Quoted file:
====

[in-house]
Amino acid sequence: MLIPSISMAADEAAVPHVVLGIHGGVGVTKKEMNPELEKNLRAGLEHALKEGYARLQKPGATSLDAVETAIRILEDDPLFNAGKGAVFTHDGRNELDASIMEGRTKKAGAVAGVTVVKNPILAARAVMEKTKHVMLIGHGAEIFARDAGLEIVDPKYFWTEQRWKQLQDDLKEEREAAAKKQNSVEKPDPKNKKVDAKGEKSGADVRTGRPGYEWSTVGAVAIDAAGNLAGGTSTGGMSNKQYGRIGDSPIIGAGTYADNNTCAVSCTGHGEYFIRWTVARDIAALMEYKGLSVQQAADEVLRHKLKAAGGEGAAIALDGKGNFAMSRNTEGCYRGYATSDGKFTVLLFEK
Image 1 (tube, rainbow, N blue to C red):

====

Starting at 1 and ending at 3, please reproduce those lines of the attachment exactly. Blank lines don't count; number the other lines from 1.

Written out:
[in-house]
Amino acid sequence: MLIPSISMAADEAAVPHVVLGIHGGVGVTKKEMNPELEKNLRAGLEHALKEGYARLQKPGATSLDAVETAIRILEDDPLFNAGKGAVFTHDGRNELDASIMEGRTKKAGAVAGVTVVKNPILAARAVMEKTKHVMLIGHGAEIFARDAGLEIVDPKYFWTEQRWKQLQDDLKEEREAAAKKQNSVEKPDPKNKKVDAKGEKSGADVRTGRPGYEWSTVGAVAIDAAGNLAGGTSTGGMSNKQYGRIGDSPIIGAGTYADNNTCAVSCTGHGEYFIRWTVARDIAALMEYKGLSVQQAADEVLRHKLKAAGGEGAAIALDGKGNFAMSRNTEGCYRGYATSDGKFTVLLFEK
Image 1 (tube, rainbow, N blue to C red):